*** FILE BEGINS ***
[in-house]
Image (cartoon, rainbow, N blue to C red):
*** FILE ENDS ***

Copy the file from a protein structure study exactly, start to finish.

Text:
[in-house]
Image (cartoon, rainbow, N blue to C red):